The Three Trillion Dollar War attempts to calculate the accurate total cost of the war in Iraq, covering factors not included in the government’s official $800 billion figure. Authors Joseph Stiglitz and Linda Bilmes estimate Iraq’s three trillion dollar tab by combining the budgetary costs of the war with their interpreted macroeconomic and social economic consequences of the conflict.
When computing the budgetary costs of the war, the award-winning economists focus on four factors: current costs, predicted future costs, hypothesized “hidden” costs, and approximated interest.
These scenarios are utilized to predict future operational expenditures, the total cost of veterans’ disability and health care, and the potential price tag covered by various departments of the government.
With these theoretical situations in place, Bilmes of Harvard and Stiglitz of Columbia combine the current budgetary costs of the war with their predicted estimates for future costs of the conflict. Elements of the future costs include disability compensation and medical benefits for veterans, as well as the cost of rebuilding the exhausted postwar military.
Also discussed are the “hidden” costs of the war, a term used to describe the unreported costs of Iraq absorbed by governmental departments such as the Department of Defense, the State Department, and the Department of Veterans’ Affairs.
SOCIAL ECONOMIC COSTS
In discussing the social economic costs of the war, the authors hesitantly place a dollar value on the life of a soldier killed in combat. They elaborate that while “the official military payout when one dies amounts to only $500,000,” they choose to use the dollar estimation on life set by the Environmental Protection Agency of $7.2 million, because “those killed in Iraq were young men and women in peak physical condition, at the beginning of their working lives. The true economic loss from their deaths could be much higher.”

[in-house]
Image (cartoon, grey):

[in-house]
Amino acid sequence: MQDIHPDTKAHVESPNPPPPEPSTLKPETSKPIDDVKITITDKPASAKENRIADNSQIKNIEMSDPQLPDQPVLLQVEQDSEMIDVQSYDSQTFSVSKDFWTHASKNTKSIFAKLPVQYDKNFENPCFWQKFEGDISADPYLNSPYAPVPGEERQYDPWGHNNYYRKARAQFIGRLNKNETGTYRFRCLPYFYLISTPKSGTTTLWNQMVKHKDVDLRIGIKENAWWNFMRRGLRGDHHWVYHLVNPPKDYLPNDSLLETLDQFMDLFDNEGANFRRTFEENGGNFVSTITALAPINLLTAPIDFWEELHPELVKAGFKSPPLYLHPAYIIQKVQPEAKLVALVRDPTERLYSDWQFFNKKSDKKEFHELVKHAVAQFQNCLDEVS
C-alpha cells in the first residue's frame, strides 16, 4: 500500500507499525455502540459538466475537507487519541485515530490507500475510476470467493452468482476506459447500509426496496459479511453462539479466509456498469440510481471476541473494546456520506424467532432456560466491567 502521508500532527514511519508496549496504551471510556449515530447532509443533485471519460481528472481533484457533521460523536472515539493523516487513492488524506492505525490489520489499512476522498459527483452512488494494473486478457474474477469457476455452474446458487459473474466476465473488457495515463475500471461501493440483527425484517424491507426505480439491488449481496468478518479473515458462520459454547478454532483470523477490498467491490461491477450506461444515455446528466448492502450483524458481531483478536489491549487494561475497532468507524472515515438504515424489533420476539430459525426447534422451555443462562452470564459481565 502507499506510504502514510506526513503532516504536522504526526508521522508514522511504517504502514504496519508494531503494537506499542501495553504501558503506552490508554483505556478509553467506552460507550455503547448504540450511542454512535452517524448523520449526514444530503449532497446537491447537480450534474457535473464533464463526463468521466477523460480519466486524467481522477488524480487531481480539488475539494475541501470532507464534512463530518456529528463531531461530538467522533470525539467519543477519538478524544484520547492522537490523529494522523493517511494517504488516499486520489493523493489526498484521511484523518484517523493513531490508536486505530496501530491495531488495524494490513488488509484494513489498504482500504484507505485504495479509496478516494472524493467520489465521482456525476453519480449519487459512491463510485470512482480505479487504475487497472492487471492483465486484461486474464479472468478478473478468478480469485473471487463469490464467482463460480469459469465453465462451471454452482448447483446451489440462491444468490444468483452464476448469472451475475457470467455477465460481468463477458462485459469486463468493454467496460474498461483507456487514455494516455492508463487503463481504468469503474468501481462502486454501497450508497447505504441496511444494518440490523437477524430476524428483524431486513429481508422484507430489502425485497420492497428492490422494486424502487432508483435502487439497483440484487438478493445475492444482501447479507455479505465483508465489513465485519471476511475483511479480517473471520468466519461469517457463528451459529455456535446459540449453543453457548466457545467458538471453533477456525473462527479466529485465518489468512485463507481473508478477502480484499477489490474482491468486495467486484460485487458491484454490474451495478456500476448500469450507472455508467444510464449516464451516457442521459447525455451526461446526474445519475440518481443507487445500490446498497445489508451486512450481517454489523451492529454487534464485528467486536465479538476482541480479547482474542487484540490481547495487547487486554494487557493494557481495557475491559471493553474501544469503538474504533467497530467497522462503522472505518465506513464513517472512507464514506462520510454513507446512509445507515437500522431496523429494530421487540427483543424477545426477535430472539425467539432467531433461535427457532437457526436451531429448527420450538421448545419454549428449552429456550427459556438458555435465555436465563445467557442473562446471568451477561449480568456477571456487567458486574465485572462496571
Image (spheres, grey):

Stiglitz, winner of the Nobel Prize in Economics, uses the same approach to quantify serious injuries and mental health disabilities among the veterans, as well as the strain they place on their postwar families. He states, “For serious injuries, we calculate the value of economic loss due to injury, less the amount paid in disability compensation.”
The authors’ interpretations of the macroeconomic effects of the war vary in dubiousness by topic. Their discussion on the war’s effect on oil prices and their resulting calculations are thoughtful. However, the authors’ assertion of the war as a causal factor in the sub-prime mortgage crisis is tenuous at best. They write the following:
“The Federal Reserve sought, of course, to offset the adverse effects of the war… It kept interest rates lower than they otherwise might have been and looked the other way as lending standards were lowered—thereby encouraging household to borrow more— and spend more… The low initial interest rates allowed households to borrow more against their houses, enabling America to consume well beyond its means.”
They go on to describe the mortgage crisis, painting a dire picture of the decrepit state of the economy as attributable to the war in Iraq.
The following table shows the authors’ bill, in billions of dollars, of the overall price of the war:
|Cost of Iraq and Afghanistan War||“Best Case”||“Realistic-Moderate”|
|Total Operations To Date||$646||$646|
|Future Veterans’ Costs||$422||$717|
|Other Military Costs/Adjustments||$132||$404|
|Social Economic Costs|
|Value of Statistical Life-Death||$56||$64|
|Value of Statistical Injury-all other injuries||$180||$273|
|Societal, Family, and other medical expenses||$55||$78|
|Less applicable disability benefits||-$12||-$16|
|Other social costs||$16||$16|
|Oil price impact||$187||$800|